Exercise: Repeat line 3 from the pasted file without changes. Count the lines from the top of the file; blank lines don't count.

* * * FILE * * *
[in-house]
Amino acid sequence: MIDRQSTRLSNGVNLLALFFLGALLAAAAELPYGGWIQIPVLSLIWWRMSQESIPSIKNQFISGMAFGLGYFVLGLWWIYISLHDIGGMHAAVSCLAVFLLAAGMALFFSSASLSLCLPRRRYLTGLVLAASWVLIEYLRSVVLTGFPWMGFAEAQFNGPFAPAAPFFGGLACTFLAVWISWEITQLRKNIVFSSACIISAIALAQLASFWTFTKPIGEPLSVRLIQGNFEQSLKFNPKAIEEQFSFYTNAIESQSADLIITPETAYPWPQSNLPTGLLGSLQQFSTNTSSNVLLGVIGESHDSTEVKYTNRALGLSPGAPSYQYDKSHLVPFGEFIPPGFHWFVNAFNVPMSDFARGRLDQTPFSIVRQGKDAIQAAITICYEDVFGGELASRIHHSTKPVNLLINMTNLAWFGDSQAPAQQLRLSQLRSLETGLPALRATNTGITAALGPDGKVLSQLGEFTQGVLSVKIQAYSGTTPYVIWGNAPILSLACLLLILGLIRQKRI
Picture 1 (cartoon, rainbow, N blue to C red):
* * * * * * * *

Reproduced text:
Picture 1 (cartoon, rainbow, N blue to C red):